Mothers in Complexo da Maré worry about their children’s idle time after they are released from school at midday. Sent home before lunch, and with a whole afternoon lacking structured activities, kids are in danger of being introduced to counter-productive activities.
To compensate for the state’s absence, civil society organizations offer activities and clubs in the afternoon in an effort to present new vocations to young people in the favela or simply offering a hobby to occupy the attention of otherwise idle kids.
In the maelstrom of music coming out of the favelas, after-school activities focused on Brazilian genres like funk, samba and forró are often showcased as attractive alternatives to life on the streets. Classical music is usually dismissed as unattractive, inaccessible or elitist.
It is in this context that Carlos Eduardo Prazeres and the Projeto Estrada Cultural set up the Orquestra Maré do Amanhã (Maré of Tomorrow Orchestra) in an effort to train professional musicians. The project’s philosophy is that anyone, whatever their background or skin color, can become a lawyer or a doctor–or a classical violinist.
The first orchestra rehearses three times a week in a public school in Vila da Maré and performs live on a weekly basis. There are also beginners’ classes and recreational activities to introduce classical music to the new kids. Luan, a 16 year old student at the Operário Vicente Mariano school in Maré was first introduced to classical music by the orchestra.
“I started playing viola two years ago at the beginning of the project,” he said. “Why did I get involved? I signed up for the project because I thought it was sort of new, and I became passionate about the instrument. Of course I want to go professional later.”
Favela Grota de Surucucu, in Niterói, has a similar program founded by residents Leonora and Marcio Mendes. The couple are responsible for the Orquestras de Cordas e de Flautas da Grota (String and Flute Orchestras of Grota).
“We hear gunshots almost every day here,” says Leonora, when asked about violence in her community.
The Grota program looks to professionalize young musicians. The first orchestra (out of four) can be hired to play in weddings, churches, and other events. The group has a manager and charges R$2,700 (US$1200) per gig. All of the kids in the first orchestra teach music for the organization, either voluntarily or as paid work. The motto of the project is “multiplying talents.”
Orquestras da Grota has come a long way since its inception in 1995 as a school for remedial tutoring. Boasting 12 groups throughout Niteroi, the project has expanded “due to sheer demand,” according to Leonora. The only requirement to join is attendance in a public school.
The first and second orchestras demand mandatory participation in the weekly music theory lessons. This emphasis on professionalism is enforced in the hope to break the circle of social repetition and to open new doors for teenagers from low-income backgrounds. The work of the orchestra also gives kids the opportunity to travel to several destinations on tour. They have been to São Paulo, Central America and as far as Portugal and England. Leonora feels that the the benefits of such travels are immeasurable.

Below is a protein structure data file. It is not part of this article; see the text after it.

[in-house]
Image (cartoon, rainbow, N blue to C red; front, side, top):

Neuroscience is fast proving what so many musicians have felt: playing an instrument is to the brain what sport is to the body. Learning music creates connections between different regions of the brain and engages with virtually all functions of the central organ. Not only does such an activity strengthen our cognitive capabilities but also allows us to use those acquired capacities in all situations.
In addition to this, youth involved in such ambitious programs discover a bigger world, new sensibilities and set no boundaries for themselves. Peter, the lead violinist in the Orquestra Maré do Amanhã, has got no doubt about what he wants to do in life.
“I’ve been playing violin for five years now. I want to be a musician, a classical musician,” he said.
Maestro Prazeres says classical music opens up a whole new world of culture for the kids, who start looking for art elsewhere.
“There is a social aspect to music. The kids start interacting with each other differently, because an orchestra is an interaction,” he explains. “The kids start to visit museums, to attend theaters and go to concerts. You start to be in contact with a new range of information that makes you more whole.”
The kids play Beethoven and John Williams with talent, showmanship, virtuosity, and discipline. These programs provide an escape to the young people in the favelas and can offer an unexpected career as a professional musician. Classical music is not dead–in fact here it is breathing new life into communities.